Privacy Bodies Take GCHQ Snooping Fight To EU Court
Complaints lodged with European Court of Human Rights as the Snowden leaks fallout spreads
Upset at a lack of transparency amongst UK courts, privacy bodies are taking their legal claims against GCHQ’s widespread snooping to the European Court of Human Rights.
Big Brother Watch, the Open Rights Group, English PEN and German internet activist Constanze Kurz have filed papers with the courts over the GCHQ’s various surveillance operations.
GCHQ faces another court battle
Leaked documents from Edward Snowden showed the intelligence agency was tapping fibre cables coming in and out of the UK, whilst working with the US National Security Agency (NSA) on the PRISM programme, which collated data from major Internet companies.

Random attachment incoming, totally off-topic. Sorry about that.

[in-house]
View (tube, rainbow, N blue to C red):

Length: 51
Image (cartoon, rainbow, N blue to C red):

It was claimed GCHQ could collect more than 21 petabytes of data a day, but MPs cleared the agency of any legal wrongdoing earlier this year.
Privacy International has already launched its case, but it will be heard by the Investigatory Powers Tribunal, where cases are held in secret and there is no need for the court to justify its decisions.
That wasn’t good enough for Big Brother Watch and its allies. “The laws governing how internet data is accessed were written when barely anyone had broadband access and were intended to cover old fashioned copper telephone lines,” said Nick Pickles, director of the Big Brother Watch.
“Parliament did not envisage or intend those laws to permit scooping up details of every communication we send, including content, so it’s absolutely right that GCHQ is held accountable in the courts for its actions.”